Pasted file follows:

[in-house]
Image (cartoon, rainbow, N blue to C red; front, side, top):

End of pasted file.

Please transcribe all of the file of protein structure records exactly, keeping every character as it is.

[in-house]
Image (cartoon, rainbow, N blue to C red; front, side, top):